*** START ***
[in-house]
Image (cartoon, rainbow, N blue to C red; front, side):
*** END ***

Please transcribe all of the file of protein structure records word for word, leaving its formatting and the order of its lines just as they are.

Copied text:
[in-house]
Image (cartoon, rainbow, N blue to C red; front, side):